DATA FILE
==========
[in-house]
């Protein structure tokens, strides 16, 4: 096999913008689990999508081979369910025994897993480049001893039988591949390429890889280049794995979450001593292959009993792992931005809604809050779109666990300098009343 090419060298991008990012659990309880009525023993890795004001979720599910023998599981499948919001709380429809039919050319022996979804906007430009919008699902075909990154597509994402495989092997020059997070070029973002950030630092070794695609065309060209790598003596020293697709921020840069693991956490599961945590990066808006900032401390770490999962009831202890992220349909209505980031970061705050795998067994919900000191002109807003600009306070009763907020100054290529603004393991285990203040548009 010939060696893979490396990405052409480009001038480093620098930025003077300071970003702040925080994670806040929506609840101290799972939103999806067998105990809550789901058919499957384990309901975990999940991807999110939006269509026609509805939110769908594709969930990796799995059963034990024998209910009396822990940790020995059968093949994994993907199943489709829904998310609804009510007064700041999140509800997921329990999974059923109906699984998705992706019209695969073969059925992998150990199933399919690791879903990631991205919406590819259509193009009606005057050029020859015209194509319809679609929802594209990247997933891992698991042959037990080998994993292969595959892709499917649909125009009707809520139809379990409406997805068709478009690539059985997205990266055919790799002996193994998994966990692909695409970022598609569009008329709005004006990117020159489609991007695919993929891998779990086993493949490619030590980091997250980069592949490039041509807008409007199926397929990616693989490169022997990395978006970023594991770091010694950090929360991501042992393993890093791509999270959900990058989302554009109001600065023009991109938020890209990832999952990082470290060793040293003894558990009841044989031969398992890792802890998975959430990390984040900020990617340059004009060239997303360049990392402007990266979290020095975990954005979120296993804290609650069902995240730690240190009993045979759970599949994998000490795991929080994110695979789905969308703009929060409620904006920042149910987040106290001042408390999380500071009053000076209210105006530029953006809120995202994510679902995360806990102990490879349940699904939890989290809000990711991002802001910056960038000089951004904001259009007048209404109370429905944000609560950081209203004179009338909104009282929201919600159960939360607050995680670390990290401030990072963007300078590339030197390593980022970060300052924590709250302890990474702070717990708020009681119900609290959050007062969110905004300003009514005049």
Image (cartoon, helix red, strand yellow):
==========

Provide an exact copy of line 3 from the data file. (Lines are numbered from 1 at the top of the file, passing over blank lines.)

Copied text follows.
Image (cartoon, helix red, strand yellow):